Barb Caffrey's Blog

Writing the Elfyverse . . . and beyond

Posts Tagged ‘health

When Life Gives You Lemons…

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You all know the saying, “When life gives you lemons, make lemonade?”

Sometimes, that lemonade can be sour, even bitter to the taste. But eventually, you will learn to tolerate that taste…and you might even begin to crave it.


Because it means you’re still trying. It means you haven’t given up. It means you know, deep down in your soul, you are doing everything in your power you can to make the world a better place.

You might be wondering what brought this on.

I’ve been dealing with a family health crisis this past week, and I’ve been running back and forth to the hospital. While I’d rather be doing just about anything else, I’m very glad to do this.


It means my family member is still alive, still fighting, getting better and doing whatever is possible to improve her health.

That’s a good thing.

See, the connections I have with my family and friends are essential. I want them to be happy, healthy, and to enjoy life to the fullest.

But no one can do that while sitting in a hospital bed.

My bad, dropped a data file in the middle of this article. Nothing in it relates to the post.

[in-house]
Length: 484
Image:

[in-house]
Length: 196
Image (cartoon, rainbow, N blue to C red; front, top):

Even though this week didn’t go at all according to plan, I’m glad that I was able to do something to try to help those who are important to me.

One final thought:

Sometimes, it feels like we’re not doing very much during a crisis. This is very human, but somehow we need to throw those feelings to the side.


Because self-forgiveness — which I’ve discussed before — is essential at times like this. We are not saints, and we can’t expect ourselves to act as if we are. All we can do is be ourselves, try our best, and do whatever we can to make life a little better place.

Including visiting those who are ill (if they’re up to visits), talking with them, and letting them know we care.

That’s what’s important.

Don’t lose sight of it. (Please?)


Written by Barb Caffrey

April 29, 2017 at 11:33 pm

Quick Tuesday Ill Health Update

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Today is April 2, 2013.  The day after April Fool’s Day . . . the second game of the major league baseball season (my favorite team, the Milwaukee Brewers, faces off against the Colorado Rockies in less than an hour).

And it’s another day that I’d rather forget, because I woke up sick with a very sore throat.  I had so little energy that I had no interest in eating (yet it wasn’t a migraine — with a migraine, I’d at least understand this), and ended up going right back to bed at a time I normally am awake and alert.